Any broadcast or multicast packets that originate from a member of a VLAN are confined to the members of that VLAN. The communication among VLANs, therefore, must go through a router. A network switch distinguishes among VLANs by associating end-stations to a specific VLAN. This is known as VLAN membership. An end-station must become a member of a VLAN before it can share the broadcast domain with other end-stations on that VLAN.
In Data ONTAP, VLAN membership is based on switch ports. With port-based VLANs, ports on the same or different switches can be grouped to create a VLAN. As a result, multiple VLANs can exist on a single switch. The switch ports can be configured to belong to one or more VLANs (static registration), or end-stations can register their VLAN membership dynamically, with VLAN-aware switches.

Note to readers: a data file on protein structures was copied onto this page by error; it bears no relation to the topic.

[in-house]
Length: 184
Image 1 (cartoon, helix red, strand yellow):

The following figure illustrates how the communication occurs among geographically dispersed VLAN members:
In this figure, VLAN10 (Engineering), VLAN20 (Marketing), and VLAN30 (Finance) span three floors of a building. If a member of VLAN10 on Floor 1 wants to communicate with a member of VLAN10 on Floor 3, the communication occurs without going through the router, and packet flooding is limited to port 1 of Switch 2 and Switch 3 even if the destination MAC address to Switch 2 and Switch 3 is not known.